December 20, 2014

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Spelling bee winner prepares for national event in D.C.

Each night since 13-year-old Kaitlin Hall won the Regional Finals Spelling Bee, earning a ticket to the 86th National Scripps Spelling Bee in Washington, D.C., she and her father have had the same bedtime routine.

Kaitlin Hall

Kaitlin Hall

Kaitlin, a seventh-grader at Avon Middle School, gets ready for bed and then her father would come to tuck her in and the two of them would spend nearly an hour spelling and defining words like rife, alacrity, specimen and somnolent.

“I studied the vocabulary as well as the spelling on all the words they gave me,” Kaitlin said. “A lot of words I have seen before, but did not know the definitions, so I am definitely learning a lot. Sometimes even when I’m just speaking, I use some of the words.”

Kaitlin will join 280 other spellers from the 50 U.S. states, the District of Columbia, American Samoa, Guam, Puerto Rico, U.S. Virgin Islands and Department of Defense Dependents Schools in Europe; as well as the Bahamas, Canada, China, Ghana, Jamaica, Japan and South Korea.

Kaitlin will travel to the nation’s capital with her parents, Kathy and Matt. They are leaving Sunday. Matt and Kaitlin are staying through Saturday while Kathy Hall said she can only stay for a few days to prep her daughter for the competition that starts Tuesday.

“But really I have to give so much credit to my husband. He has been helpful to her,” Kathy Hall said.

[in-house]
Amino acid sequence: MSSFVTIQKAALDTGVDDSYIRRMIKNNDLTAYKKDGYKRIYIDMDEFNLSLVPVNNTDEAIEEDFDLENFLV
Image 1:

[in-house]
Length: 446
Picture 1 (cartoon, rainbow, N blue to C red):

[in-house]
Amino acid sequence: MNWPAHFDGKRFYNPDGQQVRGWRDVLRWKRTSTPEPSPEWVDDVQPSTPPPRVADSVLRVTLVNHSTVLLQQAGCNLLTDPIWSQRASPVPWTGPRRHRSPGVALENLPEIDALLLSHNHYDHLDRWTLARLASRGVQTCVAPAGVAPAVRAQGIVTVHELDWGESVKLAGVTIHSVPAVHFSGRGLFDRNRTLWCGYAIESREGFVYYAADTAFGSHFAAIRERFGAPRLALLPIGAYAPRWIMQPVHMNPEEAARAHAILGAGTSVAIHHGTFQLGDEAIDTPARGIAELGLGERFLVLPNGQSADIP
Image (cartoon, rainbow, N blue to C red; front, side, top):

According to the spelling bee’s official website, this year’s spellers are as young as 8 and as old as 14. Two spellers have seen their siblings win it all.

But knowing all of that doesn’t seem to faze Kaitlin, who loves reading, writing and spelling — basically anything related to language arts.

“I don’t know. I’m too nervous as it is,” she said. “I think I will be more excited to go.”

Kathy Hall is keeping things in perspective for her daughter while also encouraging her to do her best. She told her to look at the spelling bee as a little early SAT prep work.

“We’re telling her to enjoy it and do her best,” he said. “You know, to look at it as a great experience, but not to have too high expectations because of the competition.”

Kaitlin has already won some serious bragging rights in her home. She bested her older brother, Ryan, now a high school freshman, who came in eighth in last year’s regional finals.

Contact Lisa Roberson at 329-7121 or lroberson@chroniclet.com.